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MARIN COUNTY'S NEWS MONTHLY - FREE PRESS
(415)868-1600 - (415)868-0502(fax) - P.O. Box 31, Bolinas, CA, 94924

July, 2007



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CHEMICAL TERRORISM?
by Mow&Sow;

a local, West Marin non-profit, based in Marshall
From Marshall, this is the beginning of our new campaign against the mostly invisible threat of synthetic pesticides. Our goal is Pesticide-Free Marin County. The idea of an organic Marin means just that - using viable alternatives instead of synthetic poisons, using the cleanest possible methods instead of adding to the chemical load we all carry as modern-day humans.
It's easy to be unaware of the cocktail of chemicals (500 per day is average) with which we come into contact every day, even here in West Marin. It is a mind-boggling array, with interactions that nobody has researched. Who knows, for example, how the chemicals in your toothpaste will react with the ingredients in your shampoo or the sulfites in your wine? At some point we have to take our chances, but when it comes to substances that are known to be toxic to us and Nature, we all need to be reminded that the quick and easy method is not always the best. It may be inconvenient to have to pull weeds rather than spray them, but a little inconvenience may be our salvation.

Something to be considered is the huge amount of money spent on the search for cancer cures compared with the amount spent on testing of pesticides and household chemicals. Then consider the possibility that epidemics might be good for the drug and chemical business and ask yourself whether it is possible that corporate funding of toxicity research might influence its results.


From the Sacramento Bee, June 6, 2004: A "who's who" of international companies fund work at UC Davis. They include Monsanto, Syngenta, DuPont and Bayer. Some grants pay for specific research, but many arrive with no official strings attached. More than 20 UC Davis professors have earned outside income providing advice to biotechnology companies, a practice known as consulting. Often, those financial ties are not disclosed in academic articles and public forums.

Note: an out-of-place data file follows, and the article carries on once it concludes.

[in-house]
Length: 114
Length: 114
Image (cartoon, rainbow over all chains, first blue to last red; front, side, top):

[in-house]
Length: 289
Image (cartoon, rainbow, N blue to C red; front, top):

"Designer poisons' is the term used for pesticide products sold over the counter for indoor, outdoor, pet and personal use. It also refers to the commercial use of pesticides applied by professional pest control operators, often for cosmetic and non-essential reasons. Here are some national statistics:


* 73% of households use pesticides annually and spend $1.2 billion on 71 million pounds of products.

* 20% of households use pest control companies each year.

* There are 350,000 'certified commercial applicators in the non-agricultural sector

* The US EPA essentially ignores chronic toxicity testing (testing for cancer, reproductive and genetic damage) in the regulation of over-the-counter pesticides.

* Nearly all designer poisons are well over 50% 'inert' ingredients, which are not listed on the label and are not required to be tested, although they may be even more toxic than the active component.


More locally, the California Department of Pesticide Regulation figures for 2005 show that Marin County used almost 30 tons of pesticides. In comparison with surrounding counties, Marin is less chemically dependent, but aerial and hand spraying of restricted pesticides continues even in our 'organic' West Marin. The most insidious use of toxics is in the over-the-counter pesticides, because there are no permits required to "touch-up" your roses or to chemically weed your flowerbeds with products like the ubiquitous RoundUp. Homeowners may not even know when their gardeners and landscapers are using these toxics, and when you can't see or smell the poisons, they are easy to ignore.

We recommend a book by Dr. Marion Moses, founder of the Pesticide Education Center and who wrote "Designer Poisons: How to Protect Your Health and Home from Toxic Substances. Dr. Moses, by invitation of Mow&Sow;, will be speaking to the Vedanta Society, local concerned activists and the Marin County Agricultural Commissioner, Stacy Carlsen at a meeting on alternatives to the 2,4-D and other pesticides used at Vedanta's Olema Retreat.





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